Billy Elliot is an enjoyable production for any species. Just ask these service dogs.
A photo of at least 10 different dogs, sitting patiently in their seats at the Stratford Festival in Southern Ontario, has caught the attention of hundreds of thousands. The captivated canines didn’t buy their own tickets, of course. Along with a nice view of the performance, they were actually sitting through an immersive training session.
Service dogs need to be prepared to help their handlers in many different situations, which could include a visit to the theater. In this instance, poodles, Golden Retrievers, Labradors and other breeds were led to the seats by trainers, then left to sit patiently before the handlers returned.
The show must have elicited a good two paws up. Each one of these service dogs in training performed their supportive roles with aplomb.
“It’s important to prepare the dogs for any activity the handler may like to attend,” Laura Mackenzie, owner and head trainer with K-9 Country Inn Working Service Dogs, told CBC radio. “The theatre gives us the opportunity to expose the dogs to different stimuli such as lights, loud noises and movement of varying degrees. The dogs must remain relaxed in tight quarters for an extended period of time.”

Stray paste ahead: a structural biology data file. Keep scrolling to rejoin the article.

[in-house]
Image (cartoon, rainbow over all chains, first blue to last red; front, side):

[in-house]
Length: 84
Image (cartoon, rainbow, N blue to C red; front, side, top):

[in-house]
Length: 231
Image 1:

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According to People, the dogs are trained to help their handlers move through the aisles, find their way to the restroom, and navigate crowded rooms. They need to perform these tasks while ignoring the distractions of other humans, the smells theater snacks, and changing lights.
Billy Elliot doesn’t involve too many distractions, thankfully enough. The CBC describes it as ideal for “people who need softer lighting and gentler sounds, who tend to vocalize during the performances, or who need to move around, making the shows ideal for attendees on the autism spectrum, parents with infants or young children, or people who need to get up during a show.”
The trainees apparently had little problem keeping up with the plot, and much less performing their duties.
“Some even watched through the cracks of the seats,” Stratford Festival spokesperson Ann Swerdfager told the CBC. “The dogs loved the show almost as much as their handlers.”
They even helped out some of the younger actors on stage.
“Everybody was so thrilled to see all these dogs at one time in the audience. It’s really exciting. And it’s thrilling to be part of something that is going to serve theatre-goers of the future,” Swerdfager said. “It’s wonderful that going to the theatre is considered one of the things that you want to train a service dog for, rather than thinking that theatre is out of reach for people who require a service animal, because it isn’t.”
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